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Modular OpenRobots Simulator Engine
Copyright (c) 2009-2010 ONERA
Copyright (c) 2009-2016 LAAS-CNRS
Copyright (c) 2015-2016 ISAE-SUPAERO
Copyright held by the MORSE authors or the institutions employing them,
refer to the AUTHORS file for the list. The list of the contributors to
each file can be obtained from the commit history ('git log <file>').
All this information can be read online:
General requirements
A decent machine is required (typically, with an Intel i5 + 4GB RAM, you
should be comfortable).
To display textures correctly in the simulator, as well as to generate images
using the simulated cameras, you will need to have a graphics card that
supports GLSL shading. The Blender website lists these graphic cards as
compatible with GLSL:
- ATI Radeon 9x00, Xx00, X1x00, HD2x00 and HD3x00 series and newer. - NVidia
Geforce FX, 6x00, 7x00, 8x00, 9x00 and GTX 2x0 and newer.
If you do not need cameras and OpenGL textures/shaders, you are advised to
run your simulation in fastmode (refer to the simulation's Builder
API) for vastly improved loading time and performances.
Supported operating systems
Only Linux (x86, x86_64) is currently officially supported. MORSE is mainly
developed on Fedora and Ubuntu, but we don't expect problems on other
Other UNIXes systems probably work as well (like FreeBSD or Apple MacOSX).
MORSE does not currently officially support Microsoft Windows, although some
users reported success. Testers/maintainers for Windows are welcome!
Packaged versions
morse-1.0 is available on Debian Wheezy/Ubuntu >= 13.04. You can install
the package morse-simulator with your favorite software manager::
$ sudo apt-get install morse-simulator
You can also install the Python bindings with::
$ sudo apt-get install python3-morse-simulator
You can also easily install MORSE with:
- robotpkg
- brew (MacOSX)
See their associated documentation for details.
If you plan to use the simulator with raw sockets or text files as interface
(for instance, to integrate MORSE with MatLab or other specific
applications), you don't need anything else. Otherwise, you need to install
the software for the desired middlewares.
If you want to distribute your simulation in a multinode infrastructure,
MORSE provides by default a socket service for multinode synchronization. If
you want to use HLA, you have to first install the CERTI and PyHLA packages.
Manual installation
The directory where MORSE is installed will be referred to as $MORSE_ROOT
in this document.
It is recommended to store this environment variable, as it is necessary to
use the Builder API scripts to generate simulation
scenes with custom equipped robots.
- cmake
- Python (3.3 or +)
- python-dev package
- Blender (>= 2.65) build with Python >= 3.3. You can simply get a binary from
Blender website
Download the latest version of the source code. It is stored in a git
$ git clone
You can also get a tarball version here.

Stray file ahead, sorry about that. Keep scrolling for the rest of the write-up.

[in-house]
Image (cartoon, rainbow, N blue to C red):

Go to the directory where you have previously downloaded the MORSE source.
Then type these commands::
$ mkdir build && cd build
$ cmake ..
By default, MORSE will install in /usr/local. You can easily change the
install directory by giving additional parameters to cmake. You can also
change the installation type and disable use middleware bindings by using
these additional parameters.
- CMAKE_INSTALL_PREFIX controls where will be installed MORSE. The install
prefix directory is referred to as $MORSE_ROOT.
- BUILD_CORE_SUPPORT controls the builds and install of Morse core. It is
ON by default
- BUILD_DOC_SUPPORT controls the build of the documentation (require
- BUILD_HLA_SUPPORT controls the builds of HLA support for multi-node
simulations in MORSE
- BUILD_POCOLIBS_SUPPORT controls the build of pocolibs support in MORSE.
- BUILD_YARP_SUPPORT controls the build of YARP support in MORSE.
- BUILD_ROS_SUPPORT controls the build of ROS support in MORSE.
- BUILD_MOOS_SUPPORT controls the build of MOOS support in MORSE.
- PYMORSE_SUPPORT controls the build and installation of pymorse, a
library to interact with Morse through the socket interface. It is needed
for test infrastructure.
- CMAKE_BUILD_TYPE controls the optimization stuff for C/C++ extension
(Release is a good choice).
- PYTHON_EXECUTABLE indicate where the python executable is in your system
(must be >= 3.3)
You can set up the different variables using the command line.
For instance, to build and install MORSE with YARP support in /opt, you need something like::
Or to tell MORSE where to find a Python installed in a different location::
$ cmake -DPYTHON_EXECUTABLE=/usr/local/bin/python3.3 ..
Alternatively, you can use ccmake .. to change all of these parameters using a
graphical interface. You can modify many different variables by switching to
"advanced mode" (pressing the t key).
After configuring the necessary parameters, compile with::
$ sudo make install
The optional $MORSE_BLENDER environment variable can be set to let the
simulator know where to look for Blender if it is not accessible from the
You can check your configuration is ok with::
$ morse check
When updating MORSE to a more recent version, you'll simply have to do::
$ git checkout [version]
$ cd build
$ make install
Installation troubleshooting
In case of problems installing MORSE, verify the list of Frequently Asked